2.31" Etched Gibeon Iron Meteorite (59.4 g) Slice - Namibia

This is a 2.31" wide (59.4 gram) etched slice of the Gibeon iron meteorite from Namibia. It shows a very nice Widmanstätten patterns and fully stabilized through reverse electrolysis and coated to prevent rusting. It comes with an acrylic display stand.

The Gibeon Meteorite

The Gibeon meteorite is an iron (IVA) meteorite that fell in Namibia thousands of years ago. Its strewn field is by and far the largest in the world: it covers over 46,000 square kilometers! It was known by the Nama people of southern Namibia and used as for various tools and weapons including their assegais, a kind of spear common among many sub-Saharan African cultures.

The meteorite was discovered by Western cultures in 1836 when an English expedition found samples near the Fish River and brought them back to London for study. Since then, over 26 metric tons have been recovered. 29 pieces are prominently displayed as part of a fountain in the Post Street Mall, part of the business district of Windhoek, the capital of Namibia. It is considered a national monument.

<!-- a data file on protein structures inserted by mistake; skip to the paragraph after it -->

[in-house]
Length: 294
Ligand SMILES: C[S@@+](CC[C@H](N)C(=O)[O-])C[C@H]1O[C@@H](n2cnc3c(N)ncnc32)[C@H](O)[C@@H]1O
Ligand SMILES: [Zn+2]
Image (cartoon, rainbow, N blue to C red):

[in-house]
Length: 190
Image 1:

Gibeon is a classic example of an octahedrite, displaying some of the best Widmanstätten patterns seen on any known meteorite. The lines make it a popular choice for specimen collection and jewelry.

About Iron Meteorites

Iron type meteorites are composed primarily of iron and nickel, and are the remnants of differential cores torn apart at the beginning of the solar system. These metallic meteorites are often the easiest to identify after millions of years post-impact because they are quite different from terrestrial material, especially when it comes to their mass-to-surface area ratio. They are exceptionally heavy for their size since iron is a high-density metal: this is also why the Earth's core is nickel-iron. As planets form, the densest metals form gravitational centers, bringing more and more material into their gravitational pull. In the solar system's rocky planets, these dense materials are most often nickel and iron.

Most iron meteorites have distinctive, geometric patterns called Widmanstätten patterns, which become visible when the meteorite is cut and acid etched. These patterns are criss-crossing bands of the iron-nickel alloys kamacite and taenite that slowly crystalized as the core of the meteorites' parent bodies slowly cooled. Such large alloy crystallizations for mover millions of years and do not occur naturally on Earth, further proving that iron meteorites come from extraterrestrial bodies.
Iron, IVA
2.31 x 2.03", 0.12" thick, Weight: 59.4 grams